Novel Sickle Cell Disease Therapies: Targeting Pathways Downstream of Sickling

Kerry Morrone, William Beau Mitchell, Deepa Manwani

Research output: Contribution to journalReview articlepeer-review

12 Scopus citations


Sickle cell disease is an inherited hemoglobinopathy characterized by hemolytic anemia, frequent painful episodes, poor quality of life, end organ damage and a shortened lifespan. Although the seminal event is the polymerization of the abnormal hemoglobin, the downstream pathophysiology of vaso-occlusion results from heterotypic interactions between the altered, adhesive sickle cell RBCs, neutrophils, endothelium, and platelets. Ischemia reperfusion injury, hemolysis and oxidant damage all contribute to heightened inflammation and activation of the hemostatic system. These downstream targets are the focus of emerging treatments with considerable potential to ameliorate disease manifestations. This review summarizes the progress on development of these agents.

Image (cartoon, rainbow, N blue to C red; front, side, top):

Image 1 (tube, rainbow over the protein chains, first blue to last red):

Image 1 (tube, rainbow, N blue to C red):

Original languageEnglish
Pages (from-to)68-75
Number of pages8
JournalSeminars in Hematology
Issue number2
StatePublished - Apr 2018


  • Adhesion pathway
  • Inflammation
  • Novel agents
  • Sickle cell disease


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